As has been mentioned earlier, there cannot be one single and most effective solution to prevent the suicides of farmers. The trend can be reversed through active participation of the Government in addressing the real issues of the farmers that are driving them to suicides. Social responsibility also goes a long way to help the farmers. The big land owners in most places do not lend a helping hand to struggling farmers, in most cases, they grab the benefits which are otherwise meant for the poor farmers. General public, NGOs, Corporate and other organisations too can play a part in helping farmers by adopting drought affected villages and families and helping them to rehabilitate. The solution to the farmer's plight should be directed towards enabling the farmers to help themselves and sustain on their own. Temporary measures through monetary relief
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would not be the solution. The efforts should be targeted at improving the entire structure of the small farmers wherein the relief is not given on a drought to drought basis, rather they are taught to overcome their difficulties through their own skills and capabilities. The Government needs to come up with pro-active solutions and the nation has to realize that farmers' suicides are not minor issues happening in remote parts of a few states, it is a reflection of the true state of the basis of our economy. "Give a man a fish, he will eat for a day but teach him how to fish, he will eat for the rest of his life", so goes the popular saying, the case of our Indian farmers is similar to this, what they need is a means to sustain throughout their lives without having the face the desperation that adversity drives them to. If India has to shine, it is these farmers that need to be empowered.4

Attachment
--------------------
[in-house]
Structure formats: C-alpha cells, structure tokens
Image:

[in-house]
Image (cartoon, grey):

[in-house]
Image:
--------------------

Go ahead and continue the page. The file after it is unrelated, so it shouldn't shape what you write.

2. BIBLIOGRAPHY

http://www.fibre2fashion.com/news/association-news/sica/newsdetails.aspx?news_id = 48601. http://www.prsindia.org/parliamenttrack/report-summaries/swaminathan-reportnational -commission-on-farmers--662. http://www.un.org/esa/sustdev/csd/csd16/PF/presentations/farmers_relief.pdf. http://www.stwr.org/food-security-agriculture/one-farmers-suicide-every-30minutes.html. http://www.macroscan.org/anl/mar08/pdf/farmers_suicides.pdf http://www.barcjaipur.org/admin/cat-images/catImg_1321097184.pdf http://www.civilserviceindia.com/subject/Essay/farmer-suicides.html http://timesofindia.indiatimes.com/city/rajkot/40-year-old-farmer-commits-suicidein-Rajkot village/article show/15375639.cms?

4. http://www.civilserviceindia.com/subject/Essay/farmer-suicides.html